What to Know Before Hiring an HOA Reserve Study Provider
While the expectations outlined above are a great starting point when selecting an HOA reserve study provider, we also recommend asking them at least these three very specific questions. Before hiring a reserve study provider, you should know things such as:
1. What Level of Service Do They Provide?
Reputable HOA reserve study providers almost always offer various service levels to fit the needs of all clients.
When consulting with a prospective provider, make sure to ask what HOA reserve study options they have. You should also inquire about the difference between the choices so that you can select the most suitable service for your neighborhood.
2. Will They Clearly Communicate All Findings in a Detailed Report?
You should also ask an HOA reserve study provider how they will relay the findings of their analysis. While virtually all study providers will prepare a “final report,” these documents vary greatly in terms of scope and quality.
Therefore, you should ask what your report will include and also find out how long it will take to receive those documents.
3. How Much Experience Does the Consultant Possess?
Finally, you should find out how experienced the consultant conducting the field assessment will be. The accuracy of your HOA reserve study hinges on the experience level of the person performing the analysis. Ideally, you want the study to be performed by an engineer with at least 20 years of directly related experience.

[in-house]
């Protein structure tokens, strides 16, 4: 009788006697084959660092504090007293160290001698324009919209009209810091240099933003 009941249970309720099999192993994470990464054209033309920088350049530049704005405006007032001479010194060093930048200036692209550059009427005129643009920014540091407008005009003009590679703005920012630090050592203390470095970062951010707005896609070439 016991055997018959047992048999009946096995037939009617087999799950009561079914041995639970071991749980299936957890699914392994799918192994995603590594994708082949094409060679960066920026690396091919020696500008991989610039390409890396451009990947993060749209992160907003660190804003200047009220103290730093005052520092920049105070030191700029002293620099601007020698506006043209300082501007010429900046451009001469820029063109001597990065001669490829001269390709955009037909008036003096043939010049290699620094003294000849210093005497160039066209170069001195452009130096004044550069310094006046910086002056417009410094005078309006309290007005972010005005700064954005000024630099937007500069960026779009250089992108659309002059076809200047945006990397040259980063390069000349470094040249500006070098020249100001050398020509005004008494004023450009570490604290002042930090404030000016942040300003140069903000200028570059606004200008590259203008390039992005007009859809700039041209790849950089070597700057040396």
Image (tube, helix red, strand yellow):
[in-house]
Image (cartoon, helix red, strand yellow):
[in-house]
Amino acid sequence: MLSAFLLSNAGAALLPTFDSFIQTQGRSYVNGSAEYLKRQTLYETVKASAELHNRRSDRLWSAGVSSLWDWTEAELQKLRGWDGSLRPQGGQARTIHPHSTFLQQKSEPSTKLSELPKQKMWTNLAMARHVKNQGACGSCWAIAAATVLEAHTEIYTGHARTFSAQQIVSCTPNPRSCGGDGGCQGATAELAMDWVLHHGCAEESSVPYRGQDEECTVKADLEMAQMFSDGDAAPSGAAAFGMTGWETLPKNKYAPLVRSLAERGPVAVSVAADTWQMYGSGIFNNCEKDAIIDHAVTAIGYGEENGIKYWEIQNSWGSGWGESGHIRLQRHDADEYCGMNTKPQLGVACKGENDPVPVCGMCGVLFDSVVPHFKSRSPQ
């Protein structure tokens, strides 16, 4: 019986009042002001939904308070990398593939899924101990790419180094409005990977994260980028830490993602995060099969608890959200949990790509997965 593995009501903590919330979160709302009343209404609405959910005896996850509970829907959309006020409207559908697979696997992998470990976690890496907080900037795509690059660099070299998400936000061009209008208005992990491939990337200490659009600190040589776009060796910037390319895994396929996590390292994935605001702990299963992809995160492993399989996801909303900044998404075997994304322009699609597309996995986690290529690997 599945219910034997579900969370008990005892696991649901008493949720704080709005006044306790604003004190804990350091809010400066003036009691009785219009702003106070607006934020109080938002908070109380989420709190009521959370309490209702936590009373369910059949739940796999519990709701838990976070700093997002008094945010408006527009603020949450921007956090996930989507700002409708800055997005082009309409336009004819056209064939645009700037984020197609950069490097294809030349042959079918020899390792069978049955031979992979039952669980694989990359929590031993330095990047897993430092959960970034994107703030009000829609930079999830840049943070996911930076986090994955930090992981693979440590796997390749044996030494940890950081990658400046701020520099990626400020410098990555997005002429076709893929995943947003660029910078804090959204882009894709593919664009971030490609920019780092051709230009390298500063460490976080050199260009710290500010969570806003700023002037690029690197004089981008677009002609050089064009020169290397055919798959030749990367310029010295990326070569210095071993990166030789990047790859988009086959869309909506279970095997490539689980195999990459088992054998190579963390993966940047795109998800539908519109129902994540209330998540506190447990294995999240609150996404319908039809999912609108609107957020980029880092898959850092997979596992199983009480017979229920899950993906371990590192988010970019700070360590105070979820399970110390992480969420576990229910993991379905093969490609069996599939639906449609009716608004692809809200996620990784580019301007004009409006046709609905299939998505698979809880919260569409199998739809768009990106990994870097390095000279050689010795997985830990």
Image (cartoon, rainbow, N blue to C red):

A great way of gauging a consultant’s experience level is to review case studies on past projects that they have completed.
zumBrunnen: A Prompt and Accurate HOA Reserve Study Provider
Does your Reserve Study provider have the construction experience necessary to understand what they’re looking at when they evaluate complex properties? Will they spend the time to talk with you about their findings?
Will they meet with you and the board or subcommittee to explain their observations and conclusions to help you digest the Reserve Study so that it can be used as an actionable planning tool for the HOA?
Do you want to be able to confidently answer “yes” to these questions? Then zumBrunnen is your only option. Contact us now for a proposal.